- ‘Income Election’ product. As groups of participants reach retirement age, Micruity would facilitate an “Income Election Decision Experience.” “We’re the data conduit sitting in the middle,” Gary told RIJ. “We can move that data in a frictionless, secure way. In a single sitting, we validate the participants’ identification and banking information. We enable them to e-sign a contract or certificate and provide a digital notary. We digitize the whole process.”
- ‘Payment Aggregation’ product. Depending on the kind of annuity purchased, the retiree might receive regular income from multiple insurers. Income might begin immediately after retiring, at a specific age, or whenever the retiree wishes. With GLWB products, the asset manager handles the payments. For non-GLWB products, Micruity would keep track of address changes, aggregate payouts from the several life insurers and issue checks. It also provides an online service center and call center support. Micruity’s fees for the TDF provider and life insurer could be AUM-based or transaction-based, and “could range from five to fifteen basis points depending on the product design and Micruity services,” Gary said.
“The sponsor is thinking, ‘This is a new product, so how do we make the process as frictionless as possible?’ Westhoven said. “They don’t want to add a speed bump that makes it difficult to use. With participants, there’s no such thing as a speed bump; every obstacle to usage is more like a brick wall.”
Outside observers are encouraged by Micruity’s efforts so far. “The data hub and administration is the foundation, but Micruity could probably help on the participant experience and education, if stakeholders desire,” said Fortier. “Data-privacy, administration, and the regulatory aspects of education between recordkeepers and insurers have risks that have challenged the unbundled approach in the past.”
Robert Melia, the executive director of the Institutional Retirement Income Council (IRIC), a coalition of plan providers started by Prudential when it launched its IncomeFlex TDF/GLWB, told RIJ that Micruity could bring standardization to what is still a disjointed business.
“Micruity could say, ‘Let us provide these services, and we’ll establish the standardization that’s needed to drive annuities in DC plans,’” Melia said. “They have the credibility, the reputation and the knowledge to put it all together. Standardization, more than anything else, might propel the income part of the DC industry into the future.”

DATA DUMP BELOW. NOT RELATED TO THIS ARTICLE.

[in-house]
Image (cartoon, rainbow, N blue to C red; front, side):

Not much demand yet
Legal liabilities and data gaps are not the only things stopping plan sponsors from adopting annuities. Participants aren’t demanding annuities, or pressuring employers to offer them—though that’s not necessarily a deterrent for Micruity and its clients. (“The plan sponsors say that participants aren’t asking for annuities. But participants didn’t beg for TDFs either,” Westhoven told RIJ.)
Lack of active demand for annuities could be a problem, however. The target market for annuities includes participants who’ve been defaulted into TDFs. Their very passivity makes them attractive to annuity vendors, since they can be defaulted into a GLWB rider as they near retirement. But will plan sponsors acquiesce to such an arrangement, especially if the rider costs as much as 100 basis points per year?
Efforts by full-service plan providers like Prudential and Empower to market TDF/GLWB products to their institutional clients have yielded lackluster results. Westhoven’s former employer, DST Systems (since acquired by SS&C Technologies), created middleware called RICC (for “Retirement Income Clearinghouse Calculator”), but it has remained largely on the shelf.
Historically, annuities have shown the most promise in two distinct types of plans. They appear to work well in 403(b) plans, where millions of people have access to TIAA annuities. They also seem to be a good fit at large companies that recently closed defined benefit pensions and where a critical mass of employees misses an income option. United Technologies is the singular example of such a company.
Micruity will be aiming its future marketing efforts at just such large firms. “We’re looking at the top 1,600 plans, with a combined 20 million or more participants, Gary told RIJ. “These plans have strong human resource teams, and often have a unionized or union-like environment. They employ a lot of mid-market Americans, and their turnover rate is low as they get closer to retirement. These are the plans where it will start. And once momentum catches on, changes will trickle down to smaller plans.”